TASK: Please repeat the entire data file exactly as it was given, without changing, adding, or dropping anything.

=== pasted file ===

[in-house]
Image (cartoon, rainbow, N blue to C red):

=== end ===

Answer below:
[in-house]
Image (cartoon, rainbow, N blue to C red):